(CN) – New Mexico’s secretary of state must enforce the provision of state voting law that requires an unclear ballot to be unanimously deciphered by the presiding judges and precinct election judges, the New Mexico Supreme Court ruled.
The League of Women Voters complained that this standard was not applied in the 2008 election. The state high court granted an emergency writ of mandamus and followed with Justice Bosson’s opinion.
The secretary of state decided not to enforce the standard based on the state attorney general’s opinion that the “intent of the voter” standard was vulnerable to a constitutional challenge.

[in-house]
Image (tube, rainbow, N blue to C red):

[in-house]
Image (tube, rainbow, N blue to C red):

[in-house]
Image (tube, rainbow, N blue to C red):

The attorney general said the standard was “virtually indistinguishable” from the Florida standard criticized by the U.S. Supreme Court in Bush v. Gore (2000). The Supreme Court had rejected the “intent of the voter” standard as arbitrary and a violation of equal protection principles.
The secretary claimed she had a duty not to enforce the standard because it conflicts with federal law.
The state high court disagreed.
“We presume that the secretary will obey the law in implementing the (election) statute,” Bosson wrote. “The hypothetical possibility that future violations may occur is an insufficient basis for striking down (the voter intent standard) now.”